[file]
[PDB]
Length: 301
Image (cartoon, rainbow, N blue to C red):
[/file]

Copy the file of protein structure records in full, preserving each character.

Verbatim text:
[PDB]
Length: 301
Image (cartoon, rainbow, N blue to C red):